Wednesday, April 25, 2012

Wendell Berry and Necessary Wisdom

Photo by Pam Spaulding
In a powerful and passionate invitation, Wendell Berry continues to call us back into a relationship with one another and with our world that is more authentic. With too many lines fitting for critical reflection and sustained attention, Berry's 2012 National Endowment for the Humanities Jefferson Lecture serves as a reminder of the dominance of a worldview that erodes another way of living and being. In one particular passage, Berry wrestles with the question about making sense of scale when issues are so large and abstract that they are simply numbers and not a felt and understood reality. He writes:
It is a horrible fact that we can read in the daily paper, without interrupting our breakfast, numerical reckonings of death and destruction that ought to break our hearts or scare us out of our wits. This brings us to an entirely practical question: Can we--and, if we can, how can we--make actual in our minds the sometimes urgent things we say we know? This obviously cannot be accomplished by a technological breakthrough, nor can it be accomplished by a big thought. Perhaps it cannot be accomplished at all.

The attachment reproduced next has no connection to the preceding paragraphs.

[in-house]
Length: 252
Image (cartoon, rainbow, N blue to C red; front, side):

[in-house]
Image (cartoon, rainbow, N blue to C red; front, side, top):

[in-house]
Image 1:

Berry's hope (and mine) is that we might reclaim a way of life that connects us intimately with one another. I long for the world Berry tells about from his account of his family's history in the same place. The local economy. The connected lives.

We have a share in a local farm. We walk (sometimes). But I also want to send me things I've ordered in two days time. I want to have both realities: the manifestation of community that is idealized in my mind and which may not exist and the many conveniences I enjoy today. But Berry challenges me to think more deeply about my decisions. The "cost" of our market mentality goes beyond comprehension, especially when we (finally) acknowledge the irreparable damage we've made to the earth.

Without too much of my own reflections, I would suggest and recommend you take the time to read Berry's words. They are rich and powerful. They capture an essential element of our story as Americans and as human beings. It's important to be reminded of how we've lived and how we might change. It's important to acknowledge the loss of affection in relation to profit or objective answers.

For the text of Berry's lecture, go here. For the video, follow this link.